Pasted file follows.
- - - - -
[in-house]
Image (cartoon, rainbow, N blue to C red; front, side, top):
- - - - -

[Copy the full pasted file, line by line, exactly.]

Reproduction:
[in-house]
Image (cartoon, rainbow, N blue to C red; front, side, top):